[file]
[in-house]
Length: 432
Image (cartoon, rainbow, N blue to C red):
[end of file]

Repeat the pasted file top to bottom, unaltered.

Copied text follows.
[in-house]
Length: 432
Image (cartoon, rainbow, N blue to C red):